Dino Rondani

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Dino Rondani (b. 1868, Sogliano al Rubicone, d. 1951, Nice[1]) was an Italian socialist politician, lawyer and parliamentarian.[2] He was also the National Secretary of the Cooperative League. He was a member of parliament representing Cossato until 1914.[1]

In 1898, he was sentenced to jail for his role in Fatti di Maggio. He was given an amnesty,[1] and In 1899 he was appointed by the Italian Socialist Party to move to the United States and serve as the editor of Il Proletario (an Italian-language socialist publication) there. Rondani had written ten articles for Il Proletario since 1898.[3][4] When he arrived, he stepped right into a conflictive situation amongst the Italian-American socialists (largely caused by differences of opinion regarding Daniel DeLeon's leadership of the Socialist Labor Party). Rondani tried to renconcile revolutionary and reformist sectors of Italian-American socialists.[5]

However he was called back to Italy soon after his arrival in America, returning in 1900, as he was nominated as a candidate in parliamentary elections.[3]-

In late 1902, he again visited the Americas, on a speaking tour in Argentina and the United States. In Argentina, local socialists organized various propaganda events with him as a speaker. They also organized debates with anarchists. In the U.S., Rondani visited Patterson.[6]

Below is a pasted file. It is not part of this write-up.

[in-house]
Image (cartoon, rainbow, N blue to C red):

He represented Novara in the Italian parliament between 1919 and 1921.[1]

Rondani represented the Socialist Party of Argentina in the Bureau of the Labour and Socialist International between 1934 and 1940.[7]

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References[edit]

  1. ^ a b c d Palma, Paolo. Una bomba per il duce: la centrale antifascista di Pacciardi a Lugano ; (1927 - 1933). Problemi aperti, 69. Soveria Mannelli (Catanzaro): Rubbettino, 2003. pp. 21-22
  2. ^ Michels, Robert. Il proletariato e la borghesia nel movimento socialista italiano. European sociology. New York: Arno Press, 1975. p. 95
  3. ^ a b Hoerder, Dirk, and Christiane Harzig. The Immigrant Labor Press in North America, 1840s-1970s: An Annotated Bibliography. Bibliographies and indexes in American history, no. 4, 7-8. New York: Greenwood Press, 1987. p. 33
  4. ^ Topp, Michael Miller. Those Without a Country: The Political Culture of Italian American Syndicalists. Critical American studies series. Minneapolis, Minn. [u.a.]: University of Minnesota Press, 2001. p. 32
  5. ^ Topp, Michael Miller. Those Without a Country: The Political Culture of Italian American Syndicalists. Critical American studies series. Minneapolis, Minn. [u.a.]: University of Minnesota Press, 2001. p. 42
  6. ^ Zaragoza Rovira, Gonzalo. Anarquismo argentino, 1876-1902. Madrid: De la Torre, 1996. p. 340
  7. ^ Kowalski, Werner. Geschichte der sozialistischen arbeiter-internationale: 1923 - 19. Berlin: Dt. Verl. d. Wissenschaften, 1985. p. 282